The opinion of the court was delivered by: Simandle, District Judge
[relates to Docket Items 88 and 89]
Plaintiff brought this action pursuant to 42 U.S.C. § 1983, alleging that while he was attending a concert at the Tweeter Center in Camden, New Jersey, numerous police officers employed by the City of Camden Police Department ("Police Department") violated his constitutional rights and provisions of New Jersey law by unlawfully seizing, detaining, assaulting, and prosecuting him. The Individual Defendants and the City Defendants have moved for summary judgment [Docket Items 88 and 89] as to all of Plaintiff's claims. For the reasons explained below, the Court will deny Defendant Shay Sampson's motion for summary judgment as to Plaintiff's malicious prosecution claim, but will grant the remainder of the Individual Defendants' motion for summary judgment. The Court will also deny the City Defendants' motion as to Plaintiff's constitutional law claims and his negligence claim, but will grant the City Defendants' motion as to Plaintiff's remaining state common law claims.
A. The May 31, 2002 Incident and Municipal Court Action
On May 31, 2002, Plaintiff was in a parking lot near the Tweeter Center, a performance venue in Camden, New Jersey, preparing to attend a concert. (Am. Compl. ¶ 12.) At approximately 6:00 p.m., a large fight erupted in the parking lot thirty feet away from the plaintiff, to which multiple City of Camden police officers responded, ordering everyone to vacate the parking lot. (Id. at ¶¶ 15-17.) Although Plaintiff was not involved in the fight, he claims that he was mistakenly identified by police officers as a participant, thrown to the ground, and beaten. (Id. at ¶¶ 16, 19-21.) Plaintiff alleges that he was then taken to the Camden Police Station, where he was searched, threatened, harassed, thrown against a wall, and interrogated. (Id. at ¶¶ 27-45.) Plaintiff was very seriously injured as a result of the officers' conduct, suffering a broken nose and a dislocated jaw, among other injuries. (Pl.'s Opp'n Br. Ex. V 126.)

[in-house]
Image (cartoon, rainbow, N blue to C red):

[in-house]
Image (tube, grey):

After he had been detained in a cell for approximately two hours, (Am. Compl. ¶ 38), Plaintiff was taken to an interrogation room where Defendant Sampson was waiting. (Pl.'s Opp'n Br. Ex. V 132.) According to Plaintiff, Defendant Sampson asked Plaintiff what alcoholic beverages he had been drinking at the Tweeter Center, and when Plaintiff denied having consumed any alcohol that evening, Defendant Sampson stated to him, "you were drinking. What were you drinking? You were drinking Coors Light . . . . [Y]ou either tell me you were drinking, or you're going to spend the night in jail." (Id. at 133.) Plaintiff felt "threatened" and "wanted to go to the hospital," and acceded to Defendant Sampson's demand. (Id.) Defendant Sampson then issued Plaintiff a summons for drinking in public, and told Plaintiff not to "even think about trying to fight this," threatening to "hit [him] with five other charges" if he did. (Id.) Shortly thereafter, Plaintiff was released from police custody. (Id.) His friends, who had been waiting outside the police station, took him to the emergency room at Cooper Hospital, where he was treated for numerous injuries. (Am. Compl. ¶¶ 50-51.)
On June 18, 2002, Plaintiff pled not guilty to the summons issued by Defendant Sampson. (Id. at ¶ 52.) In order to prepare Plaintiff's defense to the charge contained in the summons, Plaintiff's counsel requested various discovery materials from the Police Department, including a list of Government witnesses who were to testify in Municipal Court against Plaintiff on the public intoxication charge and any police reports that pertained to the events of May 31, 2002. Plaintiff never received the witness list, and on July 3, 2002, he received a form from the Police Department stating that his request for police reports could not be processed because the Department was "unable to locate any report." (Pl.'s Opp'n Br. Ex. M.) Defendant Sampson never appeared to testify in the Municipal Court proceedings, and the charge against Plaintiff was ultimately dropped for failure to prosecute. (Pl.'s Opp'n Br. Ex. Q 99.)
B. The City's Response to the May 31, 2002 Incident
Shortly after the incident at the Tweeter Center occurred, Plaintiff and Police Department Captain Joseph Richardson were each interviewed on television by a news reporter about the fight and the police officers' response. (Pl.'s Opp'n Br. Ex. S 61.) Captain Richardson stated in the interview that if Plaintiff submitted a complaint about the events of May 31, 2002, the Police Department would investigate the matter. (Id. at 63.)
It appears that the Police Department did not investigate Plaintiff's allegation that he had been the victim of police misconduct until February 2005,*fn1 after Plaintiff filed his Complaint in this action.*fn2 (Pl.'s Opp'n Br. Ex. CC 14.)